The model A pistol is the 9 mm Largo variant of the A/B series of 1911-inspired pistols that led Star design for the next 60 years. The models A, B, P and M had roughly comparable updates over the years. Many other models were related to this series; for example, the model S was first produced concurrent with the earliest model As, in 1922.
Pistols marked 9 mm / 38 are designed to fire .38 ACP and 9 mm Largo ammunition, but NEVER .38 Super. Read more detail on ammunition for older pistols.
As a general rule, date coded guns (e.g. "Model 1940") are military issue and letter coded (e.g. "Model A") are commercial or export versions.
I do not have manuals for every pistol shown on this site. However, in many cases there is a related manual. Partly to make the series relationships clearer, and partly to assist with speed and accuracy of updating, all manuals can be found in one place, the manuals page. All manuals available are provided as downloadable PDFs, or you may purchase a printed copy of the entire set of handgun manuals.
All Classic series pistols strip in the same way. Do not the significant differences between older swinging-link and later "Super" variations.
The Guardia Civil continued to set forth requirements changes to previous models of Star pistols, in the course of seeking an optimal sidearm. Changes from the 1921 seem to all be involved in simplifying and refining the design. The extractor is now of a simpler shape, as is the magazine release bar. Most of all, the grip safety has been removed, and the entire rear grip area recontoured. The beavertail is of more conventional length now.
The safety lever, slide lock and most mechanical components are unchanged. All issue pistols (as opposed to the Model A for export and commerical use) seem to have a simple, fixed sight. All of these pistols were made in 9 mm Largo.
Star produced a commercial version of the Guardia Civil's model 1922 pistol as the model A. The only difference (aside from markings on some guns) is, an adjustable sight. This seems to be a needless complexity on a design that seems to be getting more simple, but is actually fairly clever in comparison to the large tangent sights on some High Powers as it is sunk into and integrated with the top of the slide. As the model 1922 has a simple fixed sight, it is possible some model A pistols also had this instead.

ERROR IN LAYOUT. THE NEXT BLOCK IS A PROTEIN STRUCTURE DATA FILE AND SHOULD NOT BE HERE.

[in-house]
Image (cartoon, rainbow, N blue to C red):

These pistols were made in 7.63 mm Mauser for the export market, and 9 mm Largo for the Spanish market and Guardia.
In 1924, minor changes were introduced without a model designation change. The previous variant was discontinued in favor of the second variant. I am not clear on what the changes are, or even if they were to both the commercial and Guardia variants or not. I believe that a major feature may be the change from the early T-shaped extractor to the more modern rounded-end extractor; the older extractor is present on the first model B, and on all older guns such as the 1922, but not on the gun shown to the right. Production ceased in 1931 in favor of the third model A and model 1931 pistols.
In 1931 a more serious round of changes took place, mostly notably with the reshaping of the backstrap to match the arched mainspring housing of the Colt 1911A1. There were also changes to the style of the thumb safety, and some small internal changes, mostly for manufacturing reasons. The second model A was discontinued in favor of this third model.
Some of these changes were to meet Spanish government requirements, and a model 1931 was produced in some quantity, mostly for Guardia, but also for other police and some military forces.
Further refinements and requirements led to the development of the model 1940 pistol, produced from 1940 onward. This was issued in quantity to various Spanish military forces. A Star pistol in 9 mm Largo is still seen in quantity in South Africa. I believe some or all may have been this variant.
From 1946 onward, Star produced a Super version of the model A pistol. Besides the improvements from the model 1940, this as usual consisted of a number of upgrades to the weapon. Mostly the swinging link was replaced with a Sig 210 (or modern Star) style closed cam path integral to the barrel. Related to this, a full-length guide rod with captive spring, and a quick takedown lever were added as well. All of these models have a magazine safety, but one different from the previous S variants, and the extractor is modified to double as a loaded-chamber indicator. Additionally, the sights are improved in shape to make them easier to see, and minor changes were made to the trigger system. These were also apparently exported for extensive foreign military use.
Most Super pistols, of all series, were not labeled with the overall series letter. This has caused no end of confusion, and a number of guns are now sold at surplus as the Modelo Super, or even as model Bs, that are actually model As.
As there are aftermarket barrels available to allow firing of 9 mm Luger/Parabellum ammunition in Largo (model A) pistols, caliber is no longer a completely sure way to identify Super marked pistols. Use care when trying to ID these pistols.
The final model A variant of which I am aware is the AS, produced from 1956 to the end of primary A/B series production in 1983. This seems to be a commercial version of the model 1940 pistol, including the swinging link, and with the addition of a magazine safety and loaded chamber indicator. It was sold on the commercial and export markets exclusively.